Program Note: Tune in to hear more from Dr. Sanjay Gupta on the challenges facing President Obama tonight on an AC360° special, “Extreme Challenges: The Next 100 days,” at 10 p.m. ET.
Dr. Sanjay Gupta
CNN Chief Medical Correspondent
Tonight, we are talking about a topic that I have been thinking about for nearly two decades. Health reform. In the early 90’s, as a medical student, I attended grand rounds where the topic might be spine fusion, but the side discussions were on federal entitlements. Over the years, I learned the perfect technique of removing a brain tumor and clipping an aneurysm, and spent my odd hour reading and writing about our health care system and its ability to provide very good health care to many, but certainly to the exclusion of some. When I worked at the White House in the Clinton administration as a Fellow, I saw firsthand how massive health reform might happen. It didn’t. And, now as a neurosurgeon, who has chosen to work at a county hospital, I spend my days taking care of people who are uninsured and as a result are sicker and more desperate – it is sad and heartbreaking. I have wondered out loud again how it might all be fixed.
I think it’s safe to say that no one thinks our health care system works well. I haven’t thought so, almost from the moment I entered it. Simplifying a bit, for the purposes of this blog, the two issues on the table are cost and access – and probably in that order. Having sat down with President Obama, I know he believes we should build on the current system. That is, people who have health insurance they like should be able to keep the same coverage. People who can’t afford it would be eligible for subsidies to help defray the costs. I have not heard anyone from the administration talk about completely overhauling the system or having it completely run by the government.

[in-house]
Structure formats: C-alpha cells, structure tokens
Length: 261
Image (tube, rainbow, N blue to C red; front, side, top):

Cost seems to be the driving force behind most of this health reform. Here’s why: many people believe we cannot possibly afford to provide health coverage for everyone unless healthcare itself is less expensive. I believe we pay too much for too little. Decreasing costs means increasing the value and possibly making health care insurance more affordable in the process. And that is how cost drives access. The President has talked about things like increasing prevention, investing in health IT and realigning the incentives for hospitals and doctors as strategies to lower the costs. The costs and the potential savings are not measured in the millions or even the billions, but instead the trillions.
Like I said, I have been thinking about this for nearly 20 years, but health reform has been on the table since the days of Truman, maybe even before. If you were to ask me, I am more optimistic now than ever, because of the support of organized medicine, industry and even the insurance industry. But, it won’t likely happen, even now, without the will of the people.
So, what do you think? Do you like the health care plans on the table and what would you change if you had the chance?
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